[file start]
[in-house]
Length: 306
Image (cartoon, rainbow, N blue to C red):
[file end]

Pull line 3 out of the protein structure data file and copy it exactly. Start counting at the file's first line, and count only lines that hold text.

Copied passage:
Image (cartoon, rainbow, N blue to C red):